If you can only watch one fight: Serhii Bohachuk. Adams was the b-side, the opponent for this fight, and rallied back to KO Serhii Bohachuk in a fight he was losing showing why many are not keen on taking on the L.A.-native.

Next Fight: TBA

Vladimir Hernandez was supposed to be a journeyman, but he didn’t get the memo as he defeated Top Rank prospect Daniel Valdivia twice, Alfredo Angulo, Aaron Coley on a regional show, and Julian Williams, all from the wrong corner. Hernandez is a high-volume fighter, who fights out of Stockton, California, who is a throwback fighter and will continue to beat emerging fighters, and if things break for him might be a world champion.

World titles won in the division: none.

If you can only watch one fight: Julian Williams. Coming in as a spoiler, Hernandez got a razor-close decision as he continued to throw punch after punch, and the judges favored his aggression over Williams’ punch selection.

Next Fight:

Bryant Perrella is a guy I wrote off early in his career as he had habits of pulling back, and looked to be an A-side fighter, who would struggle at the next level. That seemingly was proven right by a slew of losses to Yordenis Ugas, Luis Collazo, and Abel Ramos. Perrella has since begun training with Roy Jones Jr., and now has two draws which many views as wins, including one against Tony Harrison, who is a very good fighter. Perrella is trending up, but doesn’t have the defining win to make the list.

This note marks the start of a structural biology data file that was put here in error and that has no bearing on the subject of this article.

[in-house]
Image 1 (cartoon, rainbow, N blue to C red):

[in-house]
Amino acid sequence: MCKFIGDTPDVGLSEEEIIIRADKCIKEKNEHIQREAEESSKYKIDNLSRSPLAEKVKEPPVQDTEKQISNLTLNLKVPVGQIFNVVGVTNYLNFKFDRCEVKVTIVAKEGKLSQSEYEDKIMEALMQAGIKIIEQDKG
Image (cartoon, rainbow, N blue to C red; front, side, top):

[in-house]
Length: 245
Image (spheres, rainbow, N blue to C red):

World titles won in the division: none.

If you can only watch one fight: Tony Harrison. Perrella is a distance controller and a backfoot boxer, and though this was not the best version of Tony Harrison, Perrella’s performance didn’t do Harrison any favors as he looked to be the best version of himself on that night.

Next Fight: TBA

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Lukie Ketelle

Lukie Ketelle